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RANDOX LABORATORIES

Genetic Alterations Correlated to Aggressive Prostate Cancer

By Labmedica International staff writers
Posted on 03 Aug 2018
Prostate cancer is the second most common cancer among men, and while the disease is often indolent and treatable, some cases are aggressive. Distinguishing between the two could guide treatment decisions.

About 80% of the time prostate cancer cells metastasize, or spread, they will spread to bones, such as the hip, spine and pelvis bones. It can be by direct invasion or by traveling through the blood or lymphatic system. Prostate cancer with local spread has a 5-year survival rate at nearly 100%. Prostate cancer with distant metastasis has a 5-year survival rate of around 29%.

Image: A histopathology of adenoid cystic/basal cell carcinoma of the prostate gland (Photo courtesy of Nephron).
Image: A histopathology of adenoid cystic/basal cell carcinoma of the prostate gland (Photo courtesy of Nephron).

An international team of scientists led by those at the University of Oulu (Oulu, Finland) have confirmed in their new analysis of nearly 3,000 Finnish prostate cancer cases, that previous genome-wide association studies (GWAS) that identified rs11672691 at 19q13 is associated with aggressive prostate cancer (PCa). They conducted an expression quantitative trait locus analysis in three independent cohorts and found that the risk allele is linked to the expression levels of both CEACAM21 and PCAT19.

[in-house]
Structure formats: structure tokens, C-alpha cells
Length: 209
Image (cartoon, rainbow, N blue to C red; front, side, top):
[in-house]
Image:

The team used knockdown, overexpression, and other assays, and found that not only are CEACAM21 and PCAT19 highly expressed in prostate cancer tissue as compared to control tissues, but also that knocking them down in prostate cancer cell lines is associated with decreased cell proliferation, migration, and invasion. The risk allele falls within an enhancer element and changes the binding site of HOXA2, which is itself an oncogene associated with poor prognosis. This suggested to them that the risk allele works with HOXA2 to drive CEACAM21 and PCAT19 expression. CRISPR/Cas9-mediated single-nucleotide editing showed the direct effect of rs11672691 on PCAT19 and CEACAM21 expression and PCa cellular aggressive phenotype.

The authors concluded that their findings may allow better prognostic prediction and distinguishing a more lethal phenotype to identify high-risk group patients that need radical treatment regimens because of their poorer treatment outcomes. These results provide a plausible mechanism for rs11672691 associated with aggressive PCa and thus lay the ground work for translating this finding to the clinic. The study was published on June 28, 2018, in the journal Cell.

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University of Oulu



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